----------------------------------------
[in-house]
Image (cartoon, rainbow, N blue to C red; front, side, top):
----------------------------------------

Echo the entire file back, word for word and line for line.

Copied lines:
[in-house]
Image (cartoon, rainbow, N blue to C red; front, side, top):